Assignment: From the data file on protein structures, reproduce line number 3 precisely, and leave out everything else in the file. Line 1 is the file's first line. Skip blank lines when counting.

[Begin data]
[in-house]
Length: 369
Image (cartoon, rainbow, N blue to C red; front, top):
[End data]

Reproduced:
Image (cartoon, rainbow, N blue to C red; front, top):